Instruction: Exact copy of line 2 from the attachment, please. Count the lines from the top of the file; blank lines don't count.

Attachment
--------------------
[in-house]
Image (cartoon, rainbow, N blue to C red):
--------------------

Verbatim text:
Image (cartoon, rainbow, N blue to C red):